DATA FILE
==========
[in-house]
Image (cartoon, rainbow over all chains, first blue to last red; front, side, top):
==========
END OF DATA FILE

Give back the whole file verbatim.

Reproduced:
[in-house]
Image (cartoon, rainbow over all chains, first blue to last red; front, side, top):